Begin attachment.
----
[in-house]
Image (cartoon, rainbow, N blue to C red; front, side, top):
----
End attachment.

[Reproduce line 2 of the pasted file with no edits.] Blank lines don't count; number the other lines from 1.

Image (cartoon, rainbow, N blue to C red; front, side, top):